The Fairtrade Foundation certifies products ranging from tea, coffee and bananas, to flowers and gold, to check that the standards have been met, and licenses the use of the Fairtrade mark on products and packaging to signal this. Revenue from Fairtrade products rose 2% to £1.64bn in the UK in 2016, the first time that sales had risen since 2013. Fairtrade, says the foundation, offers “better prices, decent working conditions and a fair deal for farmers and workers” in some of the world’s poorest countries.
Other ethical trading certification systems include UTZ and the Rainforest Alliance, which recently announced they are to merge. Unlike Fairtrade, Rainforest Alliance offers no premium to farmers, while UTZ focuses on raising farmers’ incomes by showing them how to grow better-quality crops. UTZ and Rainforest also concentrate on larger producers, while Fairtrade focuses on smallholders. Another big difference is that UTZ employs independent certifiers, while Fairtrade has its own central certifying organisation.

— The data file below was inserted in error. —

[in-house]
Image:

There is also the GlobalGAP scheme, which covers not just crops but also livestock and aquaculture, covering more than 530 certified products and over 170,000 certified producers in more than 120 countries, with a focus on food safety and good agricultural practices.
When Fairtrade started in 1992 it was the only scheme of its kind. “Now there are something like 400 sustainability labels in the market,” says Brian Durkee, chief operating officer at Numi Organic Tea.
However, Fairtrade is seen to have the highest standards and it is the scheme that has the highest level of recognition. It is also the most expensive, for buyers and farmers. Yet the social premium it pays does not go far when it is shared out between thousands of co-operative members. In addition, the minimum price that was set when Fairtrade was established, at a time of plummeting commodities prices, has not been called into use for a long time because of the increase in market prices.
Even its supporters say that Fairtrade needs to move with the times. “Although we are big supporters of Fairtrade, there are improvements to be made,” says Durkee.
One key problem for Fairtrade is that it is not clear that the scheme improves outcomes for farmers and workers. A study from 3IE (the International Initiative for Impact Evaluation) found that certification schemes lift producer prices and agricultural incomes, but have less of a positive impact on wages, household incomes and assets.